paranormal research, research for novels, Slush Heap, The Cover Contessa

Keeping it Real: Researching for Novels

Ten years ago I was reading a book by Anne Rice and didn’t want to put the thing down.  I was so into the story, so entrenched in that world, that real life just fell away. I didn’t question anything Ms. Rice wrote.  It’s called “suspension of disbelief” because the writing and story carries you along well enough that anything can happen and you allow yourself to believe it to be real.

But then I got to the hospital scene that takes place in Geneva, Switzerland.  The scene where the main character goes unnoticed on the staff because she can speak perfect German.

Uh. Yeah.  We speak French here in Geneva.

My suspension of disbelief?  Blown wide open.  I found I just couldn’t get back into the book anymore after that.  It was still awesome.  Still creepy.  But it now felt fake to me because of that practically insignificant detail.  Anne Rice probably never knew it was an issue.  German is the main language in Switzerland.  Had I not been living in Geneva at the time, I wouldn’t have even
noticed this snafu.

Fast forward ten years. My book, Untethered, is published.  I spent hours and hours researching astral projection, sleep disorder tests and how to make explosions with Diet Coke and Mentos.  What I didn’t do?  What never even occurred to me and the dozen or so people who read it before publication?  Laws on how to proceed should a kid faint in class.  A fellow author called me out on this in her review because that’s what pulled her out of my novel.  That’s what blew away her suspension of disbelief.

Dammit.  Why didn’t I see that before publication?

I’m not going to rewrite the book since I’ve already done so eighteen times.  I’m hoping the writing and story carry most readers along well enough that a detail like that won’t ruin the novel for them.  I mean, the girl is astral projecting.  It’s not super realistic fiction.

But that’s kind of beside the point. No matter how wild your story is, you need to keep the realistic stuff as close to real as possible.  You need to keep your reader engrossed at all levels.  And part of that is giving them no reason to doubt the world you’ve created.  Good writing makes it happen.  So do strong characters. Yet, unfortunately, there’s no substitute for research.  (Big groan here.)

No author is going to get absolutely everything right.  There will always be a reader out there more knowledgeable in one aspect of your novel than you are.  It’s going to happen.  But research makes it less likely to happen.  Or at least less likely to happen often.

Writing paranormal fiction gives me some leeway.  Some strange stuff can show up in my books and it’s par for the course.  But paranormal research is probably the most fun.  Studying medical procedure is torture for me.  Studying ghost busting? Awesome! (Check out my guest post at the Cover Contessa on paranormal research HERE.)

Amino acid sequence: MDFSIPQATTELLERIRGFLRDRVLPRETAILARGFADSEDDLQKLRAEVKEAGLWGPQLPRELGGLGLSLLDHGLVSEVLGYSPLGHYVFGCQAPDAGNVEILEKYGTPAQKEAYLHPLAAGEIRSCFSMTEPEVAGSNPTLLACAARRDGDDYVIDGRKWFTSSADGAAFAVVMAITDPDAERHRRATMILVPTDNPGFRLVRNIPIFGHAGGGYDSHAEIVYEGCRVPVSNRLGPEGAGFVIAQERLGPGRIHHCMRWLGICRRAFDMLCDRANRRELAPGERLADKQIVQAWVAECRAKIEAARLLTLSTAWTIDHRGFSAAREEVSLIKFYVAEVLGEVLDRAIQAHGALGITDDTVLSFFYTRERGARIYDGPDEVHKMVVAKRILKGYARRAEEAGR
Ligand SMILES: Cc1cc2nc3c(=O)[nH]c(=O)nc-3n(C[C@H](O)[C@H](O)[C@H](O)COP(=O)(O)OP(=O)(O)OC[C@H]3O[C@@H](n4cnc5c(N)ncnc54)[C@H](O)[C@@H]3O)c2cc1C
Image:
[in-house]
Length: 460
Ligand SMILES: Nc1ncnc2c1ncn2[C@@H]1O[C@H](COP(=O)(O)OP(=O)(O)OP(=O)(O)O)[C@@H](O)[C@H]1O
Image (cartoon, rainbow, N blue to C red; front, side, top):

It’s a research weekend for me, so I’m off to good ol’ central Wisconsin to study setting.  I get to go swimming in Devil’s Lake and eat local cuisine.  Now that’s the kind of research I can handle.

Then Tuesday evening at 7pm EST, this week’s edition of Slush Heap is focused on — guess what? — researching for novels.  Joseph Giacalone and Marguerite Ashton will be the experts.  I’ll be there, too, to learn from them and to share my experience of not always getting things right. 

6 thoughts on “Keeping it Real: Researching for Novels”

  1. Why are books held to a much higher standard then movies? I'm in the medical field. I see movies where the medical facts are screwed up all the time. My brother who's a doctor and other people in the medical field just laugh it off and continue enthralled in the movie. So why is it that if you get a small, insignificant fact wrong in a book everybody goes haywire?


  2. Exactly. My sister is a medical examiner and those shows make her cringe, too. For some reason, books need to be meticulously researched while shows or movies can be ridiculous.


  3. I think the standards are different because the mediums are so different. In a book, you can stop and reread the sentence – the suspension of disbelief is as easy to break as lifting your eyes from the page. In a film, the moments pass quickly and (especially if you are in a movie theater) you are carried along by the general atmosphere.

    I would say that, by comparison, abstract short movies that make no narrative sense but have a visual and auditory flow are much easier to watch than an abstract short story is to read – written work takes place entirely in the reader's head, while a film or TV show carries on whether the viewer is thinking about something else or not.


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